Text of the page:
Written by  :  ETJB (450)
Written on  :  Jan 08, 2014
Platform  :  Genesis
Rating  :  4.6 Stars4.6 Stars4.6 Stars4.6 Stars4.6 Stars

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Another great platformer by Virgin Interactive.

The Good

The Dark Horse comic book crossover was great and, when I first heard reports about the crossover miniseries being adapted into a 16-bit Genesis game I was excited, and a bit nervous.

A large library of video games exist based on comic book characters. Too many of them are poorly made, shovelwere that seems to be made by people that either don't like or understand comic books.

Luckily, the game was being developed by the creative folks at Virgin Interactive. In the early 1990s, this company released several great platforming games for the 16-bit Genesis and Sega CD. This one is certainly in that category of greatness for similar reasons.

"RoboCop versus The Terminator" features superb, 16-bit animation, graphics, sound effects and music. If video game companies have "golden eras", then this was certainly Virgin's Interactive's time of greatness.

The folks at Virgin Interactive really knew how to properly utilize the Sega Genesis/CD hardware. Likewise, when it came to action/adventure platforming, the folks at Virgin Interactive knew what worked and what didn't work.

Here RoboCop is responsive, easy to control and has access to some cool, uber-violent, firepower. I do not think I had so much fun controlling Robocop in a video game since playing the original coin-op arcade game based on the first film.

The graphic violence and overall darker tone, while appropriate for the source material, was certainly distinct from other Virgin games of that era; i.e. "Cool Spot", "Global Gladiators" and "Earthworm Jim".

In fact, much of the game's graphic violence, blood and gore was toned down in order to receive a MA-13, instead of a MA-17 Parental Advisory label. Although, the MA-17 edition of the game could be accessed with a secret code.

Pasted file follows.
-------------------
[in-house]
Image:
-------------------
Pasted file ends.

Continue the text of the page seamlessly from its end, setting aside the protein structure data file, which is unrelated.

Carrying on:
The Bad

The storyline in this game is, at best, loosely based on the Dark Horse comic book miniseries. While I was initially disappointed with the changes, I have to say that the storyline in the game was certainly sufficient.

This was one of those 16-bit video games that you played, largely because you got to control a bad-ass, heavily armed, RoboCop on his own urban 'postal' rampage against bad guys. In that sense, the storyline is not as important, but fans of the comic book series will notice the differences.

The game has a nasty habit of 'downgrading' your cool weapons when you lose your extra lives. True, this was often a reality in video games, but it does make the game very difficult, especially if you lose a powerful weapon later on in the game.

On some level, Virgin Interactive must have known that this might distract some from the replay value. Among the several, cool, Easter Eggs in this game is the ability to easily access all of the cool, bad-ass weapons.

Lastly, this is a platformer that looks, sounds and plays great. It is fun to play and never becomes too difficult. However, it is still a one-player, platformer, and does not radically break any new ground in that particular video game genre.

The Bottom Line

"RoboCop versus The Terminator" is one "bad-ass", uber-violent video game. If you have ever wanted to control the famous, 1980s cyborg cop as he wages a one-man war on crime, then this is the game for you.